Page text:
During his last months in palliative care, Hussain Uqaili liked to quip that he wasn’t a patient but a guest, and that Credit Valley Hospital was really a hotel – “I even have room service!” he would tell his son, Sharjeel.
Sharjeel realized that the joking was just a way for his father to stay cheerful. While Hussain mused about being on vacation, he understood the prognosis of his disease, ALS. “Right from the get go, he was told there was no cure, no way out of this,” says Sharjeel.
Hussain was a mechanical engineer by profession, a “commanding” presence, as Sharjeel describes. He was used to running big projects, and seeing structures take shape under his direction. With his body failing him, Hussain was vulnerable as never before. Yet he remained extremely grateful for the care he received and – this was important, says Sharjeel – for the respect with which he was treated: “The staff took really good care of him.”
Until 10 days before his death at age 67, in March 2012, Hussain could still talk, and he remained fully aware. “He knew he was gong to die, but he didn’t want to give up to the last moment,” Sharjeel says.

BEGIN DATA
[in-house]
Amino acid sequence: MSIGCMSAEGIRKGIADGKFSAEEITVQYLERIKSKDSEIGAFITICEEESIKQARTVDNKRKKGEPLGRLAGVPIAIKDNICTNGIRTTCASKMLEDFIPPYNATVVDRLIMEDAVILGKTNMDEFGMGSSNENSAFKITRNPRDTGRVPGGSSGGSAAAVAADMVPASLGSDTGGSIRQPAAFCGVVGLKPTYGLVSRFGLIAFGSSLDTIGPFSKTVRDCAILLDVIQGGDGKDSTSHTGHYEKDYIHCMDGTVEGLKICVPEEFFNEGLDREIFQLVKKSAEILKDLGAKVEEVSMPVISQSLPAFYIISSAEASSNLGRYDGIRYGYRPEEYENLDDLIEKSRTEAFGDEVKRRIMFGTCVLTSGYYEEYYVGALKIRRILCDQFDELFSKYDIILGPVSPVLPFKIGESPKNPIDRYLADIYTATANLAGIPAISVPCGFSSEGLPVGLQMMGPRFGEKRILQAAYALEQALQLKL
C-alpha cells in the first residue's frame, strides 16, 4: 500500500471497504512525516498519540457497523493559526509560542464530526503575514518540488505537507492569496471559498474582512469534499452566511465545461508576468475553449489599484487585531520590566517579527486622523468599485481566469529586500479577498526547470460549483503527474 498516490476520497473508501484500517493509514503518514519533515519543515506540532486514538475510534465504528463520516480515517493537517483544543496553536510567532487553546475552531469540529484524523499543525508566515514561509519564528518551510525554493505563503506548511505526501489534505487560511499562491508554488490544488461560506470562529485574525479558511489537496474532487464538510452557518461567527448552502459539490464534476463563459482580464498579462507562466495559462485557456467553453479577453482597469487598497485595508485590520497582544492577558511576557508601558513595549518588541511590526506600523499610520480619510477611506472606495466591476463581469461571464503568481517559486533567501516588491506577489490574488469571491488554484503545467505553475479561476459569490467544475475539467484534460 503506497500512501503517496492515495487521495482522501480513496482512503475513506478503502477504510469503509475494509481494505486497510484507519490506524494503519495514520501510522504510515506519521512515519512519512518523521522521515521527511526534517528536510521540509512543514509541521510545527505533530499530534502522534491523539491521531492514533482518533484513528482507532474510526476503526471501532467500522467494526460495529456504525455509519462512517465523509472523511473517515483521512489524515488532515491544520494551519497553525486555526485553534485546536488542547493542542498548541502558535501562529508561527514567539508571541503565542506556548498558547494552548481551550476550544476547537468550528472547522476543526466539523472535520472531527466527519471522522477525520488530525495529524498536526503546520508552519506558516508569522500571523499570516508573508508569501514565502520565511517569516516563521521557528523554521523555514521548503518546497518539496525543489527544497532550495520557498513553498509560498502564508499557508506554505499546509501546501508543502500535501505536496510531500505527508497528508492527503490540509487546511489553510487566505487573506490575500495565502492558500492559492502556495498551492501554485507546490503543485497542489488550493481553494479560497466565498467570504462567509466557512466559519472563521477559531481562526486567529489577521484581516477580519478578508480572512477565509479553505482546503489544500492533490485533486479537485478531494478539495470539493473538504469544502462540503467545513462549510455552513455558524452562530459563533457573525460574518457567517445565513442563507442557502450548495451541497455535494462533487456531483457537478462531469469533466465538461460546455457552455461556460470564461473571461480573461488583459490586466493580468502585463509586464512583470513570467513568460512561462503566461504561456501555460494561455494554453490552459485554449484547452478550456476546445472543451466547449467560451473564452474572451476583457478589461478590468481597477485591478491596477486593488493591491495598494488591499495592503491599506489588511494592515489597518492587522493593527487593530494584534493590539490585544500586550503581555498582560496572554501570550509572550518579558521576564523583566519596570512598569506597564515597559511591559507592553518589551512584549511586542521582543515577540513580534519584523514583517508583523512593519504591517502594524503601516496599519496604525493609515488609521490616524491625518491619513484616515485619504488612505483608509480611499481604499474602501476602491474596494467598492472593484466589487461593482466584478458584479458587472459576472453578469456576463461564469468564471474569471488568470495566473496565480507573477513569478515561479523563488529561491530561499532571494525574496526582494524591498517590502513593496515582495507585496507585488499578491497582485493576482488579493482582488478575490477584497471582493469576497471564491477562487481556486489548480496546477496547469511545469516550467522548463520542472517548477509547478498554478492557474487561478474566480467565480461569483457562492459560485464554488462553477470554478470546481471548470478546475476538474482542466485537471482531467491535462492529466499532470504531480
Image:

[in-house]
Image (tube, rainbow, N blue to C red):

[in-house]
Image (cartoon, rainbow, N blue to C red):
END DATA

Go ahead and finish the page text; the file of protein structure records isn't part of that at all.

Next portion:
Learning about his father’s ALS two years earlier was shocking for the family, but then acceptance comes. “You make the best of the situation,” says Sharjeel. “The end isn’t what anyone would like. But as grim as it is, dying is something that everyone has to go through.”
Credit Valley may not be a hotel, and palliative care is no holiday. Yet Sharjeel is warmed by the comfort his father experienced during his last journey. “The support from the hospital was tremendous,” he says, “and the way they treated him was amazing.”
Photo: Hussain pictured with his extended family